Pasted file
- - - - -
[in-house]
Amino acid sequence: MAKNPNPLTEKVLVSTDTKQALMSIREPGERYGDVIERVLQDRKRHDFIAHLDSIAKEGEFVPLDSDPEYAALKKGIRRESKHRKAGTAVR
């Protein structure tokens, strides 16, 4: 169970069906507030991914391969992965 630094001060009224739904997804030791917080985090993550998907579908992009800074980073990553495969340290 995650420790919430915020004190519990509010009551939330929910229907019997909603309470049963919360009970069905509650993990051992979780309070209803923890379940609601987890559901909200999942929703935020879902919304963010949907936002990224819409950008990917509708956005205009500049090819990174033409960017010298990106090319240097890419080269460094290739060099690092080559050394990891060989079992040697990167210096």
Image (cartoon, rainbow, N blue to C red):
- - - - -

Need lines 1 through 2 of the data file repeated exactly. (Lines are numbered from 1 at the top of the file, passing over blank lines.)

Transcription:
[in-house]
Amino acid sequence: MAKNPNPLTEKVLVSTDTKQALMSIREPGERYGDVIERVLQDRKRHDFIAHLDSIAKEGEFVPLDSDPEYAALKKGIRRESKHRKAGTAVR